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Also in the horizon are the Sulamani and Kubyaukkyi Temples. The others would have to remain unnamed for now as my memory aids are limited to the postcards I bought 😄. Amazing that these temples survive to this day in all its grandeur!

 

 

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And I saved the best for last. Thilominlo Temple and Ananda Phaya Temple. It is unfortunate that the Thilominlo Temple is crowded with too many stalls selling anything from shirts to bead necklaces to woodworks to paintings. The cluster of stalls out front was quite a nuisance and somehow impairs the holiness of the place. I walked around the temple courtyard twice, very much impressed with the ornate doors, reliefs and carvings. On the other hand, Ananda Temple is one of the best-preserved temples and one of the most beautiful and revered . Once inside, the 4 standing Buddhas, one for each cardinal direction, hold your attention. Made entirely of solid teak, I was fascinated seeing a Buddha in a pensive mood up close, then a smiling Buddha as you walk farther. The farther you go, the wider the grin. And I’m talking about the same Buddha statue! This temple truly lives up to the hype.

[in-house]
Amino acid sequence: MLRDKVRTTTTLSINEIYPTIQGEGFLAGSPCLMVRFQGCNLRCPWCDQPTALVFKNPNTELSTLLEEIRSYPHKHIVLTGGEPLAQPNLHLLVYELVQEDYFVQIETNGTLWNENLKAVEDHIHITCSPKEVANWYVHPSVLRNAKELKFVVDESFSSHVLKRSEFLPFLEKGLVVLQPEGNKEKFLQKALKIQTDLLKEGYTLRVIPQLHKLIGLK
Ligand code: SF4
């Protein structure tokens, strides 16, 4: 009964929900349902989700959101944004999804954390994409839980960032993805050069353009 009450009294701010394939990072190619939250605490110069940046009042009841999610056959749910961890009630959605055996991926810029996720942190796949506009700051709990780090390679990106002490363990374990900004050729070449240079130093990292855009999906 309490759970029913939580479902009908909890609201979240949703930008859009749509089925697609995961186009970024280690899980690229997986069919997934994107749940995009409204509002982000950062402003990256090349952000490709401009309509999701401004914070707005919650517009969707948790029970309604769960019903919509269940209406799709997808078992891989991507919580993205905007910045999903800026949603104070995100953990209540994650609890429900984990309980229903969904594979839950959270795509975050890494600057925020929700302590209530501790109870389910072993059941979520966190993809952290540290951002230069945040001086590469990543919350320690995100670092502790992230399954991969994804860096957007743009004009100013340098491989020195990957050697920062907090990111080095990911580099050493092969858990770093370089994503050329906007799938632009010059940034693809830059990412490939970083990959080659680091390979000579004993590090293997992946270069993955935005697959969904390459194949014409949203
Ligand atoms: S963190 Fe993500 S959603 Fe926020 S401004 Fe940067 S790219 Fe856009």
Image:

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Enough temples for now? I think I’ve reached my quota of stupas and temples by this time. And of Buddhas too 😄. Mingalaba!

 

 

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I’m GUILTY as charged. Got into a snapping frenzy when we visited the monks in Mandalay’s many monasteries and learning centers, and whenever, wherever, however we found them — in temples, in the market, along the streets, walking, resting, in prayer, dining, in study. We couldn’t stop! So can’t many others.

 

 

 

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And it’s never more true than when we caught them lining up towards their dining hall where a group must have donated their sumptuous 2nd and last meal of the day. Perhaps “extravagant” by monks’ standards. The usual 1 or 2-dish meals expanded to 5, but at the price of being watched and photographed while dining. Forgive me, for saying this. I am just as guilty. It took another fellow (thanks, Bob) to remind me that it didn’t seem right to photograph them while they are eating. More so to have photos taken with them in the background. Come to think of it, why in heaven’s name do we do that?